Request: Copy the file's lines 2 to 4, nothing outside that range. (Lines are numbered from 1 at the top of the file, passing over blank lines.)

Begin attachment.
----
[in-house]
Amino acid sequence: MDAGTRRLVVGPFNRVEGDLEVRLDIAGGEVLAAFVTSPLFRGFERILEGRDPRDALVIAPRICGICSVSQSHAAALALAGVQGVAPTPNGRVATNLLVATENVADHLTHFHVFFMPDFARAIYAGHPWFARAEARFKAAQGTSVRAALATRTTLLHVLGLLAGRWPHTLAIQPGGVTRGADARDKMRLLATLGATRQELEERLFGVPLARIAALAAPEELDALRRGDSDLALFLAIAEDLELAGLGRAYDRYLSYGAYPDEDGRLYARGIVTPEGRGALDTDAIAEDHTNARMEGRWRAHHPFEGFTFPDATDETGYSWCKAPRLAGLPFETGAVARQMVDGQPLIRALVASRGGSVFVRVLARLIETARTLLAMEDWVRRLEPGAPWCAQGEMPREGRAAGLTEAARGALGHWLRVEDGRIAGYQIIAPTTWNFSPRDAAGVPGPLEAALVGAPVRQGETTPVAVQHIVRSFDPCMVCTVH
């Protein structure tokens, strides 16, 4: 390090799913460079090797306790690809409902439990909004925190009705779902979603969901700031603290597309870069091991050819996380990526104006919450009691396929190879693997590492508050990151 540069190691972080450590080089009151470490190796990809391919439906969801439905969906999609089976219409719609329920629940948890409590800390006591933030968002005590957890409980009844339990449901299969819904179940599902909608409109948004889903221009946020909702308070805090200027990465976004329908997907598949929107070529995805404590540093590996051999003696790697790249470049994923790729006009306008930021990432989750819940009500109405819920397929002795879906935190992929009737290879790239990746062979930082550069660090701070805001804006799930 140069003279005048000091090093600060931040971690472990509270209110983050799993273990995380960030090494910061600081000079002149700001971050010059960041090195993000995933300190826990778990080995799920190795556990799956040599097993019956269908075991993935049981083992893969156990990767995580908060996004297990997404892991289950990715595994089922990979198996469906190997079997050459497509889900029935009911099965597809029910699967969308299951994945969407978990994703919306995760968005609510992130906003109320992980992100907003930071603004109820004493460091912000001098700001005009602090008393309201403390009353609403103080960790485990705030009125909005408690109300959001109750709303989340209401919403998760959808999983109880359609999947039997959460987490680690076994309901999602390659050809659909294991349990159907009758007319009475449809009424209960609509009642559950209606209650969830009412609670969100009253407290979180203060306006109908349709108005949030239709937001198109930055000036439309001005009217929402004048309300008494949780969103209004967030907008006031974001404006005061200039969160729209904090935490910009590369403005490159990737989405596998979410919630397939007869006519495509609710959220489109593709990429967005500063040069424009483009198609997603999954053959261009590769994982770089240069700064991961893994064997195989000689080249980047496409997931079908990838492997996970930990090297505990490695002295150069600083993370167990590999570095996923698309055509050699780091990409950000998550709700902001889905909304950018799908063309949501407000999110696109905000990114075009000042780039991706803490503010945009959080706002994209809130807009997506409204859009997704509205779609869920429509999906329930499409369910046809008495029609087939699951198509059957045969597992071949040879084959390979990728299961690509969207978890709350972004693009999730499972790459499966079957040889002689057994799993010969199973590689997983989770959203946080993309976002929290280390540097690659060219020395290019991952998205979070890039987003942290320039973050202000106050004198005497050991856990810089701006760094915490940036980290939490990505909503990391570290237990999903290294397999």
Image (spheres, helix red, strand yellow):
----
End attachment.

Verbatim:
Amino acid sequence: MDAGTRRLVVGPFNRVEGDLEVRLDIAGGEVLAAFVTSPLFRGFERILEGRDPRDALVIAPRICGICSVSQSHAAALALAGVQGVAPTPNGRVATNLLVATENVADHLTHFHVFFMPDFARAIYAGHPWFARAEARFKAAQGTSVRAALATRTTLLHVLGLLAGRWPHTLAIQPGGVTRGADARDKMRLLATLGATRQELEERLFGVPLARIAALAAPEELDALRRGDSDLALFLAIAEDLELAGLGRAYDRYLSYGAYPDEDGRLYARGIVTPEGRGALDTDAIAEDHTNARMEGRWRAHHPFEGFTFPDATDETGYSWCKAPRLAGLPFETGAVARQMVDGQPLIRALVASRGGSVFVRVLARLIETARTLLAMEDWVRRLEPGAPWCAQGEMPREGRAAGLTEAARGALGHWLRVEDGRIAGYQIIAPTTWNFSPRDAAGVPGPLEAALVGAPVRQGETTPVAVQHIVRSFDPCMVCTVH
């Protein structure tokens, strides 16, 4: 390090799913460079090797306790690809409902439990909004925190009705779902979603969901700031603290597309870069091991050819996380990526104006919450009691396929190879693997590492508050990151 540069190691972080450590080089009151470490190796990809391919439906969801439905969906999609089976219409719609329920629940948890409590800390006591933030968002005590957890409980009844339990449901299969819904179940599902909608409109948004889903221009946020909702308070805090200027990465976004329908997907598949929107070529995805404590540093590996051999003696790697790249470049994923790729006009306008930021990432989750819940009500109405819920397929002795879906935190992929009737290879790239990746062979930082550069660090701070805001804006799930 140069003279005048000091090093600060931040971690472990509270209110983050799993273990995380960030090494910061600081000079002149700001971050010059960041090195993000995933300190826990778990080995799920190795556990799956040599097993019956269908075991993935049981083992893969156990990767995580908060996004297990997404892991289950990715595994089922990979198996469906190997079997050459497509889900029935009911099965597809029910699967969308299951994945969407978990994703919306995760968005609510992130906003109320992980992100907003930071603004109820004493460091912000001098700001005009602090008393309201403390009353609403103080960790485990705030009125909005408690109300959001109750709303989340209401919403998760959808999983109880359609999947039997959460987490680690076994309901999602390659050809659909294991349990159907009758007319009475449809009424209960609509009642559950209606209650969830009412609670969100009253407290979180203060306006109908349709108005949030239709937001198109930055000036439309001005009217929402004048309300008494949780969103209004967030907008006031974001404006005061200039969160729209904090935490910009590369403005490159990737989405596998979410919630397939007869006519495509609710959220489109593709990429967005500063040069424009483009198609997603999954053959261009590769994982770089240069700064991961893994064997195989000689080249980047496409997931079908990838492997996970930990090297505990490695002295150069600083993370167990590999570095996923698309055509050699780091990409950000998550709700902001889905909304950018799908063309949501407000999110696109905000990114075009000042780039991706803490503010945009959080706002994209809130807009997506409204859009997704509205779609869920429509999906329930499409369910046809008495029609087939699951198509059957045969597992071949040879084959390979990728299961690509969207978890709350972004693009999730499972790459499966079957040889002689057994799993010969199973590689997983989770959203946080993309976002929290280390540097690659060219020395290019991952998205979070890039987003942290320039973050202000106050004198005497050991856990810089701006760094915490940036980290939490990505909503990391570290237990999903290294397999």
Image (spheres, helix red, strand yellow):